A few hours ago I heard gunshots outside our apartment. The neighbors between a few apartments have barricaded the street and have armed themselves with pistols shotguns, 2x4s, golf clubs, and metal rods. Black smoke started to fill the sky again as the sun set over Alex. We are definitely in a state of emergency. We are safe though in our apartment. If something were to happen to one of our students though, we had no way to get them around the barricades to medical treatment. I doubt the looters will come our way, we are tucked away very far up on a ridge. I don't think we will be pulled out though.

Mubarak has appointed a VP-hasn’t been one for 30 years. A few of the other positions of the regime has been filled as well. I worry that once Mubarak does resign, celebratory gunfire will erupt.

8:10pm Gunfire rings out from the square 100 yards away. It is meant to keep the looters at bay, or so we hope. I checked the barricade that our neighbors built in our stairwell. I am not terribly excited about our only fireescape being blocked, however it adds to how real the perceived threat is. The scariest part is the Molotov cocktails which are primed and ready to be dropped on any attackers.

The selling point for my coming to Drake was when I found out we were getting an Arab professor. He was from Egypt and I was quite excited to be able to get there at some point. (Brits just announced to stay put if you are in the country and they are NOT yet pulling out.) I went with that professor in the past summer, and had a wonderful time. While there I learned quite heavily about the rigime, which augmented what I learned through Drake. Now I was really excited to at least put a professional grasp on Arabic from spending the semester here. I have been in Alex for almost 2 days now, and it has all gone to hell. This is the risk we take when we come to these places, so that we can learn a language and culture which will undoubtedly save American lives. Could I have gone and parties in Australia or London? Of course, but that would be a semester vacation. This semester will matter, and will undoubtedly be a story to tell my kids.
Some other photos of a revolution:






“And I said how ‘bout a revolution?”-OAR






It’s 9:05pm on Friday in Alexandria, Egypt. I am safe, up in our apartment. We just stayed as a team for 3 hours in the girl’s apartment. Tomorrow we intend to meet early and see what the country looks like…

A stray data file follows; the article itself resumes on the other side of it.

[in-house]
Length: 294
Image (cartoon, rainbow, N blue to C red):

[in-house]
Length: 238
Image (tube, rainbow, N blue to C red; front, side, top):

This morning I woke up early. Ironically my last facebook post was that “I know how to get around the facebook block.” The government this morning shut down all internet and it still continues to be shutdown. (I will post this as soon as we get internet.) Then the cell service went, and we were only given (ironically) Emergency service. We had intended to go to the fort, the museum, and then shopping for stuff in our apartments. Originally we were told upon loading the bus “the museum has been closed for security reasons.” As we left the fort, the police ordered us to head back to our residences. One of our leaders was at a hotel, and mentioned they had blacked-out the first floor of her hotel which was right next to the rally point for the protest. The IFSA Cairo team, scheduled to land in two days, was also postponed. That is what really got me excited.
Police originally had no limits and exercised zero tolerance. (WORDS NOT APPROPRIATE FOR INTERNET?: CNN IS PROFILING THE TWITTER FEEDS. WE DON’T HAVE INTERNET OR CELL! THE WORLD TWEETING DOESN’T EFFECT THE PEOPLE ON THE STREETS, FOCUS ON THE RIOTS AND GUNFIRE)
Today is Friday and therefore Friday Prayer (which is like the Sunday service in the States.) Police in Alex opened up with tear gas as protestors left the main mosque. Rubber bullets were also used. Much of this we watched from a cafĂ© as “Love me Tender” by Elvis came over.